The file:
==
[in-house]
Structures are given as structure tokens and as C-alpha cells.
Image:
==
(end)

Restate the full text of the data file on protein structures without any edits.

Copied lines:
[in-house]
Structures are given as structure tokens and as C-alpha cells.
Image: